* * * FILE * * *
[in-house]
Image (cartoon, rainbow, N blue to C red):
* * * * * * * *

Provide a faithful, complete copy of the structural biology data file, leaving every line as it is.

[in-house]
Image (cartoon, rainbow, N blue to C red):